Dennis Oulds, a Fleet Street photographer whose career spanned more than half a century, has died at the age of 89.
Oulds, who spent most of his working life at the now-defunct Central Press Photos, had become a press photographer literally by accident.
On leaving school, he was apprenticed to an engineering factory, where an accident cost him partial loss of fingers of his right hand. So in 1933 his father paid £50 for him to be "in association"
with Central Press Photos in Fleet Street, where he started as a runner earning 10 shillings (50p) a week.
It involved delivering photographs to the newspapers, attempting to get there before rival agency runners. He progressed to the darkroom as a developer and then a printer, before becoming a photographer.
This association with Central Press was to last for most of his working life, interrupted only by the Second World War and a brief spell at The Daily Telegraph and as a freelance with Associated Press.
One historic moment Dennis photographed was in 1938 when Neville Chamberlain arrived at Hendon Aerodrome brandishing the "peace for our time" Munich agreement he signed with Hitler.
In 1940 he joined the Royal Naval Volunteer Reserve as a photographer with the rank of Lieutenant, serving with Atlantic convoys. Other wartime travels took him to Burma and India, and he was on one of the last ships leaving Singapore, escaping the Japanese invasion. He was also in Cairo, Alexandria, Mombasa, Naples, Salerno, Monte Cassino and Rome. He spent time in the Mediterranean serving with Admiral Sir John Cunningham and Lord Mountbatten.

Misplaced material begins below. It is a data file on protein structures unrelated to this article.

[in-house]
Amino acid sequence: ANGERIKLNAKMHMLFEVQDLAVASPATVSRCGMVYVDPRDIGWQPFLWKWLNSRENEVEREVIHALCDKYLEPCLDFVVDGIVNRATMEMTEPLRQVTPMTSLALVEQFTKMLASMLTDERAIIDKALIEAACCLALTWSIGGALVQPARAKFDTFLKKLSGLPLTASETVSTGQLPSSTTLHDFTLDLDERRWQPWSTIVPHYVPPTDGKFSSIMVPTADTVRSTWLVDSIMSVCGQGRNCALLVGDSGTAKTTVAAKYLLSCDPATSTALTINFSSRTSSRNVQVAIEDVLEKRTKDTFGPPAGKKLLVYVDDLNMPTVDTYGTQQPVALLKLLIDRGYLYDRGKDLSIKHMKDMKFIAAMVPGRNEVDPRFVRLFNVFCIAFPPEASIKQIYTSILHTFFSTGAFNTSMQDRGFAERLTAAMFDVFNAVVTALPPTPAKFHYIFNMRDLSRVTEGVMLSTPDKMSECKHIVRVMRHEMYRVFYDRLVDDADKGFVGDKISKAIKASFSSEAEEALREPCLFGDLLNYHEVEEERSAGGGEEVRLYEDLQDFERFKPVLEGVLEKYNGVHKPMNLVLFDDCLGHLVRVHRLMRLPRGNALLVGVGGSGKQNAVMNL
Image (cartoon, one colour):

He was involved in the crossing of the Rhine — an experience which he described as the one time he feared for his life. He photographed the wartime meeting between Churchill, Roosevelt and Stalin in Yalta, and in 1965 covered Churchill's funeral.
In the post-war years at Central Press Photos he covered all areas of news and sport, and this led to his greatest area of expertise — cricket. His agency enjoyed exclusive photographic rights until the early 70s for Test matches at the Oval, Edgbaston, Trent Bridge and Old Trafford. He became known personally to many famous cricketers, and was most probably the last proponent of the old "Long Tom" cameras.
Always dapper and courteous, he was a gentleman photographer. He is survived by daughter Denise, son-in-law David and grand-daughters Sally and Kate. Wife Peggy died eight years ago.